advertisement
advertisement
advertisement

America’s First Internet-Addiction Center Is Open for Business

Heavensfield claims it’ll ween you off of constantly checking your Facebook and e-mail, for the bargain price of $17,000.

ReStart

advertisement
advertisement

Are you restless when away from your Internet-enabled devices? Are you moody or irritable if you haven’t checked your email? Do you pass up sex or food or friends to squeeze in an extra five hours on World of Warcraft? Then you just might be Internet addicted. ReStart is here to help.

The ReStart program, at its “Heavensfield” center near Seattle, aims to cure you of Internet addiction in 45 days, for a mere $17,000. Yup, that’s right: Even though many doubt whether the phenomenon is real, some canny capitalists psychologists are banking that its real enough that people will pay to rid themselves of it. The first group of patients is about to enter the program, after an initial period of test cases.

This of course follows news of such clinics in China–where one kid was reportedly beaten to death. ReStart is far more New Age-y though: Treatments apparently involve spending time away from the computer–running, doing yoga, and meditating–finding “greater meaning in life.” In other words, paying someone to do what your mom would admonish, and get outside.

A 19-year-old high schooler was reportedly the first guinea pig. He’s got 20 days left in an intensive 10-week session. Though info-saturation is presumably one of the core-ills that it aims to treat, Ben Alexander still found enough time to tell a reporter about his ailment, which apparently culminated in him barely attending classes during his Freshman year, as he whiled away the hours in his dorm room. Previously, he tried a substance abuse program, to no avail.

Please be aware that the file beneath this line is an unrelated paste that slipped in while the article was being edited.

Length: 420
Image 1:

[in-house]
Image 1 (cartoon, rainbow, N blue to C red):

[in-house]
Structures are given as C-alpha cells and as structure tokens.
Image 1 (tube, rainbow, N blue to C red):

Which really makes us wonder: Is Internet addiction a real problem, or is it merely symptomatic of deeper problems? Having a hard time finding interest in other people seems like an age-old problem, for maladjusted kids especially. Is the Internet really that different from Star Wars or Dungeons & Dragons (the preferred venues for solitary geekery in our day)? Does the presence of an ever-churning flow of informational crack make the Internet a different beast?

[Via Digital Trends]

advertisement
advertisement

About the author

Cliff was director of product innovation at Fast Company, founding editor of Co.Design, and former design editor at both Fast Company and Wired.

More